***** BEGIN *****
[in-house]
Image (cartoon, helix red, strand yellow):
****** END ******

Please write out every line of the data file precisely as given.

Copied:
[in-house]
Image (cartoon, helix red, strand yellow):